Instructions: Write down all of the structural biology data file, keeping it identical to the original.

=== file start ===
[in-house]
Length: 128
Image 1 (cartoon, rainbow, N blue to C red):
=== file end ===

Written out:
[in-house]
Length: 128
Image 1 (cartoon, rainbow, N blue to C red):